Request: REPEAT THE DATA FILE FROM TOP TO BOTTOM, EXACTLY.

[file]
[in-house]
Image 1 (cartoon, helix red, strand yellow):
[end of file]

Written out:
[in-house]
Image 1 (cartoon, helix red, strand yellow):